For example a tie down rod that does not meet the cyclone area requirements under the NCC will either need to be removed from sale or clearly labelled as not being appropriate for a certain use. 

** Important to note.  The government has expressly stated that, as all plumbing products installed in Queensland require a WaterMark any plumbing product sold without a WaterMark is non-conforming and will be considered an offence under the Act.

6. Notification within two days

Each person in the ‘chain of responsibility’ has as duty to report a non-conforming building product if they become “aware or reasonably suspect”.  

Master Builders is seeking clarification how this will work in practice. For example, does the notification need to be provided where there is a first suspicion?  Does there need to be certain grounds for the suspicion or will there be an evidence test?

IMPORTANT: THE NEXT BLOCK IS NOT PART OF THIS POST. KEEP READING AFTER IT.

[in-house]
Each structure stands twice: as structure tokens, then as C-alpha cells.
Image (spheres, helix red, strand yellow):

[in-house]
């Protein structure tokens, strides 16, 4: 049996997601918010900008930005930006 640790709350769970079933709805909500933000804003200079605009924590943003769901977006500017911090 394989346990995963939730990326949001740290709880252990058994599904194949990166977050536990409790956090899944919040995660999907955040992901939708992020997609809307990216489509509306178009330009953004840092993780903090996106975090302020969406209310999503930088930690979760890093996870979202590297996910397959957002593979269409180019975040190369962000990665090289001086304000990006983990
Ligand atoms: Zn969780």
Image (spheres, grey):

The QBCC must also be notified if a person in the ‘chain of responsibility’ becomes aware that a non-conforming building product has caused a death or serious injury or illness of any person, or an incident that exposes a person to a risk of serious injury or illness.  

The notification for both circumstances must occur within 2 days and be made on the ‘approve form’ provided by the QBCC. 

New QBCC and Ministerial powers

The QBCC has been given a range of new powers to enforce the legislation.  These powers enable them to target all of the parties in the supply chain, and not just licensed contractors. 

Powers include being able to:

  1. Enter and investigate places other than active building sites 
  2. Remove samples for testing, the cost of which may be recovered from the builder
  3. Publish information about building products
  4. Accept an enforceable undertaking, issue a product warning statement and/or recall.

The government has advised that liability will be determined on a case-by-case basis and that the focus initially will be on education rather than punitive measures.  

Work health and safety changes

The QBCC will also have a role to play in workplace health and safety and will need to be notified in the event of a ‘notifiable incident’. This is in addition to the requirement to notify Workplace Health and Safety Queensland.  While the government assures us that this will be one email that goes to two places, this is not yet in place.